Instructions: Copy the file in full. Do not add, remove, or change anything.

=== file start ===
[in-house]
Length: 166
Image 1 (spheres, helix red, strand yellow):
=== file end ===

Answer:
[in-house]
Length: 166
Image 1 (spheres, helix red, strand yellow):